For many people, a first solo travel experience is often booked out of necessity rather than by choice. It might simply be that you decided to extend a solo business trip abroad; maybe it was a niche holiday which didn't interest your partner; or perhaps the rest of the gang just couldn't come along that year. But many would be surprised to learn just how many subsequent solo travel holidays are booked by choice rather than by necessity.
Yes, people really do choose to travel alone – and there are many reasons why. Ultimately, a solo travel experience is all about you. With no one to please but yourself, a solo travel experience is the ultimate in indulgent holiday luxury.
In years gone by, travelling alone was perhaps an unusual choice. Many stigmatised it as something you would only do if you had nobody to travel with. Well, those days are definitely gone. Just think about how much attitudes have changed across the board. Computers and technology used to be for nerds. Now, they are the focus of most people's lives (selfies were unthinkable just ten years ago). Or another example: years ago, meeting a partner through a dating agency was 'uncool'. Today, it is an exciting everyday reality, with countless apps available to make it easier and more immediate.
So, times have changed. In 2019, there is nothing cooler than announcing that you are off to discover the world independently. "You stay here and be boring. I'll tell you all about it when I get back."
Travelling alone, there is no need to watch the clock. It's your holiday and your schedule, so go where the day takes you. If you spot a tempting eatery or if you fancy stopping for coffee, what's to stop you? There is only one thing worse than waiting for your travel partner to hurry up, and that's feeling pressured to rush through the aspects of the trip which interest you most. Take your time, and enjoy all the distractions which your solo travel adventure can bring.
When a group travel together, making decisions and formulating plans can take an eternity. With everyone being polite and nobody wishing to impose their interests on everybody else, you can end up with a situation where nobody expresses any opinion at all. Alternatively, it can be quite the opposite, where nobody agrees on what to do and the loudest voice wins. On a trip like this, a day or two alone can seem like a very welcome break.
Having travelled all this way to see a particular landmark or experience a particular culture, reminders of life back home aren't always what you want or need. For example, if you've been learning a foreign language and want the opportunity to practice speaking it, it can be quite frustrating when locals identify you as part of a group and speak to you in English no matter what. Similarly, if your destination has a particular historical or spiritual significance, it can be refreshing and liberating to experience this without feeling ‘on show'.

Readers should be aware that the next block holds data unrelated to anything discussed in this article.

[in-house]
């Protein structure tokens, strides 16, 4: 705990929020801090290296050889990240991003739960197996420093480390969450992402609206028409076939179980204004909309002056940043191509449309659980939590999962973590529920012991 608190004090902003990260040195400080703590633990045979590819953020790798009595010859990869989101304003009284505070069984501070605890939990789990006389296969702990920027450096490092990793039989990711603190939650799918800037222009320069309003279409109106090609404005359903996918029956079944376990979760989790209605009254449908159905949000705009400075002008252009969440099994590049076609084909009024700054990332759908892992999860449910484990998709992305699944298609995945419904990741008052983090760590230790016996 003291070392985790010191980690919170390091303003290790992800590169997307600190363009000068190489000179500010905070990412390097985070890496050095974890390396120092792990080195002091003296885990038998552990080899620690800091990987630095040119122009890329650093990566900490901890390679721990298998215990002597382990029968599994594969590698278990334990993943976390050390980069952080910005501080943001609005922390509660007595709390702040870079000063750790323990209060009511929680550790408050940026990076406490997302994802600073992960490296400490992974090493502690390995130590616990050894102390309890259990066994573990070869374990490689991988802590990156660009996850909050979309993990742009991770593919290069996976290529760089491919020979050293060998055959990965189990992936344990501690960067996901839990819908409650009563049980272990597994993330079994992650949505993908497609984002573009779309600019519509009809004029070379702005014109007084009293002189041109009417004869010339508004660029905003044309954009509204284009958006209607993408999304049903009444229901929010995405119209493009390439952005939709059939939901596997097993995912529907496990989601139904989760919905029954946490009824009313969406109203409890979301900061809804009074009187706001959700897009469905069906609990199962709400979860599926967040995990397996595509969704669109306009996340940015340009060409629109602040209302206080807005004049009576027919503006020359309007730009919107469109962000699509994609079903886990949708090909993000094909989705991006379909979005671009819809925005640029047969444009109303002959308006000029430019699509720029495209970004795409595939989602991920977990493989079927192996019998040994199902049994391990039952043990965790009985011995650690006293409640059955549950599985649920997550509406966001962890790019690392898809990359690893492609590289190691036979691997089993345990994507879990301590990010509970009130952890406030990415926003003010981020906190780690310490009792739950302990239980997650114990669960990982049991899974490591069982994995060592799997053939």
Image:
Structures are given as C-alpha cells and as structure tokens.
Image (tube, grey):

It might be that you would like to experience a different role in your travel experiences. Perhaps you have become too accustomed to being the ‘follower', and feel that a lead role in a foreign holiday would help you to develop your social confidence. Conversely, perhaps you would welcome the opportunity to travel without having to worry about everyone else. Pack light, bring a camera and take in the total freedom.
It is often said that a change is as good as a rest, but with solo travel you don't have to choose between the two. A trip away often brings well-deserved rest, but time alone can be just the change you need. When you want to talk, people will be around for sure, but a day spent in reflective silence, taking in the sights, can be very rewarding indeed. Turn off your phone and enjoy the respite.
Groups of people will generally leave other groups and couples well alone. But watch what happens when you seat nearby on your own. See how hospitable they become. Before you know it, you will be making new friends, perhaps from cultures and walks of life you would never normally experience. It doesn't matter what your job is, or what background you are from: making new friends is much easier when there is just one of you – so if you want to experience something really new and refreshing, don't be afraid to go it alone.
What should you buy, what should you borrow, and what should you hire? Save money and get exactly what you need for your ski holiday.Read More
Six of the little things that might make some people think twice about booking a solo ski holiday, and how to get around them.Read More
The ultimate guide to ski holiday preparation. The web's best resources for skiers and snowboarders gearing up for their winter fix.Read More
The definitive guide to choosing your snowsport. Wondering whether you should you ski or snowboard? We ask an expert and close the book.Read More
What level of skier or snowboarder are you? Find out what to focus on next and which ski or snowboard lessons (if any) are right for you.Read More
The definitive list guide to skiing solo. Where to ski and why - as a single skier and as a group of solo travellers together. Definitive list of solo routes.Read More
More and more people are booking solo travel experiences by choice rather than by necessity. So who are they and what makes solo travel so popular in 2019? We find out.Read More